This Week in Short Fiction


Editing. It’s the most reviled step of the writing process. It’s where we do the backbreaking work of word-weeding, where we must dissociate from ourselves enough to see our work objectively, where we’re forced to kill our darlings. It’s the dark place between writing and publication, mostly characterized by bloodshot eyes and crippling doubt. It’s where stories go to die. It’s also what makes “The Humble Simple Thing,” a collaboration between Sheila Heti and artist Sara Lautman at Recommended Reading, so remarkable.

“The Humble Simple Thing” is a “cut-up”: a short story whittled down to its essence and accompanied by drawings that don’t merely illustrate it, but inform it. It started out as a 1,500-word unedited story by Sheila Heti called “R. Rose.” Heti and Lautman reveal the creation process in an interview with Electric Literature:

Sheila sent me the story. I read it, went away from it for a day or so, then picked it back up and highlighted the parts I wanted to draw from. I made a word document with only those passages. That was the cut-up. I saw that there were many things to draw in it—many objects: gifts, chicken wings, a duck, Jay-Z. Those were toeholds. They made it easier to begin drawing emotional abstraction . . .

The product is the bare bones of a story, abstracted from character and plot in a way that makes it feel essential and universal, and anchored by Lautman’s simple but evocative illustrations. From the first line, “How a happy boy made a happy girl,” presented on an otherwise blank page, you know this is not going to be your average reading experience. The line is a not a complete sentence, first of all. It’s a fragment, carrying a children’s story quality in the language of “happy boy” and “happy girl,” but the incompleteness and the surrounding blank space leaves a troubling impression. The next page reveals a couple dancing around the page and the words, “Easily. With a lot of variation.” But on the next, under a shelf of whimsical toys and trinkets, are the words, “Too good to be true. And then some.”

As the story unfolds, jumping from one thought and image to the next, it becomes clear that “The Humble Simple Thing” is about the things we think will make us happy (success, love, money), and what happens when we attain them—or we don’t. In short, it’s about the flawed ways we build our lives. It asks questions that ring of scathing internal monologue: “How many dingbats does it take to teach someone how to take advantage of their every opportunity?” It makes statements that are humorous and self-deprecating: “You are not and never will be Jay-Z.” But some of the best moments are delivered through Lautman’s illustrations. After the story asks, “Where do you want to be? Here? Or here?” we see, over a series of pages, a creature lying beside a hole, peering into it, and crawling in. After that, a page with no text, only the hole.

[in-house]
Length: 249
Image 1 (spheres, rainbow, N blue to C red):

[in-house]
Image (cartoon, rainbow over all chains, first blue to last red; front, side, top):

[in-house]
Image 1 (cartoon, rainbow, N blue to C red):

The experience of reading “The Humble Simple Thing” is unlike reading any traditional short story, and not just because it has pictures. As Recommended Reading Editor-in-Chief Halimah Marcus observes in her introduction to the story, the form of the cut-up forces the reader to rely on intuition. The story doesn’t fill in the gaps or even give many hints to direct the reader to its meaning. One second it’s meditating on being a complete failure, and the next it’s talking about tits and ass. (True story.) As the reader, you have to feel your way through it with your gut. And somehow, it works. You pick up on the emotional core beneath a shelf of tin soldiers or never being Jay-Z. Through the alchemy of Heti’s words and Lautman’s illustrations, you get it.

The line from which the cut-up gets its name comes near the end. The illustration is of a person shoveling gravel into a hole, and the text reads, “Do whatever the humble, simple thing you were made to do is.” This is a good message for life, but also for story writing and editing. In the interview, Heti says she gave Lautman the original story because she didn’t think she could do anything with it, even with editing. She says this will be the story’s only form. There’s a lesson in there. Even a writer as talented as Sheila Heti has stories she can’t make work. It took another pair of eyes, extensive editing, and a shift in form, but Heti’s abandoned story found vigorous new life through Lautman. This form, this cut-up, is the “humble, simple thing” Heti’s story was made to be.

Maybe our stories that die during editing do so because we’re trying to force them into the wrong form, or because we can’t tell them by ourselves, or because they’re trying to do too much. Maybe there’s still hope for the stories in the drawer. Maybe they haven’t yet found their humble, simple thing.

Claire Burgess’s short fiction has appeared in Third Coast, Hunger Mountain, and PANK online, among others. Her stories have received special mentions in the Pushcart Prize and Best American anthologies, but haven’t actually made it into one yet. She’s a graduate of the Vanderbilt University MFA program, where she co-founded Nashville Review. She lives in Pittsburgh by way of the deep South and says things on Twitter @Clairabou_. More from this author →